He looked so small and pale lying in that hospital bed. How had that change happened? For the first sixty-seven years of his life, my father had been a large and dark man. And now, he was just another pale and sick drone in a hallway of pale and sick drones. A hive, I thought, this place looks like a beehive with colony collapse disorder.
“Dad, it’s me.”
“I have a blanket.”
As I draped it over my father and tucked it around his body, I felt the first sting of grief. I’d read the hospital literature about this moment. There would come a time when roles would reverse and the adult child would become the caretaker of the ill parent.
The circle of life. Such poetic bulls–t.
“I can’t get warm,” my father said. “I’m freezing.”
“I brought you a blanket, Dad, I put it on you.”
“Get me another one. Please. I’m so cold. I need another blanket.”
I knew that ten more of these cheap blankets wouldn’t be enough. My father needed a real blanket, a good blanket. I walked out of the recovery hallway and made my way through various doorways and other hallways, peering into the rooms, looking at the patients and their families, looking for a particular kind of patient and family.
I walked through the ER, cancer, heart and vascular, neurology, orthopedic, women’s health, pediatrics, and surgical services. Nobody stopped me. My expression and posture were that of a man with a sick father and so I belonged.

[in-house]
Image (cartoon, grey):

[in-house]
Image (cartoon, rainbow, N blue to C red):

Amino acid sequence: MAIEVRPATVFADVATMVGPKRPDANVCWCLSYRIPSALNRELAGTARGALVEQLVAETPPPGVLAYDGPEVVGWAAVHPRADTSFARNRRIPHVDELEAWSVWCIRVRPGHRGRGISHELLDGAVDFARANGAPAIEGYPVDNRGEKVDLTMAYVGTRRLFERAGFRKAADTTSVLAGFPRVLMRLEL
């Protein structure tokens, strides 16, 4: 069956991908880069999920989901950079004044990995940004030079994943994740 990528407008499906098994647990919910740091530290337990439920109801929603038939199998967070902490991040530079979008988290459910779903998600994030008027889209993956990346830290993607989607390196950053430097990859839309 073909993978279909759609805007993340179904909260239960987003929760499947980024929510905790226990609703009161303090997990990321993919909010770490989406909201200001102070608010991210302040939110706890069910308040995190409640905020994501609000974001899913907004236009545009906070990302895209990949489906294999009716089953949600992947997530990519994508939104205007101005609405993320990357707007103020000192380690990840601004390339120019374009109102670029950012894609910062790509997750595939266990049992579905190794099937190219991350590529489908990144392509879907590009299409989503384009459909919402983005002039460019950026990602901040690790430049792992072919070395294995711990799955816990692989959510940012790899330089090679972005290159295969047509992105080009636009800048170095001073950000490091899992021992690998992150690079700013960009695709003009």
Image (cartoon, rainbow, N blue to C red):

And then I saw him, another Native man, leaning against a wall near the gift shop. Well, maybe he was Asian; lots of those in Seattle. He was a small man, pale brown, with muscular arms and a soft belly. Maybe he was Mexican, which is really a kind of Indian, too, but not the kind that I needed. It was hard to tell sometimes what people were. Even brown people guessed at the identity of other brown people.
“Hey,” I said.
“Hey,” the other man said.
“You Indian?” I asked.
“My first wife was Spokane. I hated her.”
“My first wife was Lummi. She hated me.”
We laughed at the new jokes that instantly sounded old.
“Why are you in here?” I asked.
“My sister is having a baby,” he said. “But don’t worry, it’s not mine.”
“Ayyyyyy,” I said — another Indian idiom — and laughed.
“I don’t even want to be here,” the other Indian said. “But my dad started, like, this new Indian tradition. He says it’s a thousand years old. But that’s bulls–t. He just made it up to impress himself. And the whole family just goes along, even when we know it’s bulls–t. He’s in the delivery room waving eagle feathers around. Jesus.”
“What’s the tradition?”